SEARCH

SEARCH BY CITATION

Keywords:

  • PARATHYROID HORMONE;
  • ONCOSTATIN M;
  • RANKL;
  • OSTEOCLAST;
  • GP130

Abstract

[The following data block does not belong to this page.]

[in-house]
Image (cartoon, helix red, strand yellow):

Parathyroid hormone (PTH) is the only approved anabolic agent for osteoporosis treatment. It acts via osteoblasts to stimulate both osteoclast formation and bone formation, with the balance between these two activities determined by the mode of administration. Oncostatin M (OSM), a gp130-dependent cytokine expressed by osteoblast lineage cells, has similar effects and similar gene targets in the osteoblast lineage. In this study, we investigated whether OSM might participate in anabolic effects of PTH. Microarray analysis and quantitative real-time polymerase chain reaction (qPCR) of PTH-treated murine stromal cells and primary calvarial osteoblasts identified significant regulation of gp130 and gp130-dependent coreceptors and ligands, including a significant increase in OSM receptor (OSMR) expression. To determine whether OSMR signaling is required for PTH anabolic action, 6-week-old male Osmr−/− mice and wild-type (WT) littermates were treated with hPTH(1–34) for 3 weeks. In WT mice, PTH increased trabecular bone volume and trabecular thickness. In contrast, the same treatment had a catabolic effect in Osmr−/− mice, reducing both trabecular bone volume and trabecular number. This was not explained by any alteration in the increased osteoblast formation and mineral apposition rate in response to PTH in Osmr−/− compared with WT mice. Rather, PTH treatment doubled osteoclast surface in Osmr−/− mice, an effect not observed in WT mice. Consistent with this finding, when osteoclast precursors were cultured in the presence of osteoblasts, more osteoclasts were formed in response to PTH when Osmr−/− osteoblasts were used. Neither PTH1R mRNA levels nor cAMP response to PTH were modified in Osmr−/− osteoblasts. However, RANKL induction in PTH-treated Osmr−/− osteoblasts was sustained at least until 24 hours after PTH exposure, an effect not observed in WT osteoblasts. These data indicate that the transient RANKL induction by intermittent PTH administration, which is associated with its anabolic action, is changed to a prolonged induction in OSMR-deficient osteoblasts, resulting in bone destruction. © 2012 American Society for Bone and Mineral Research.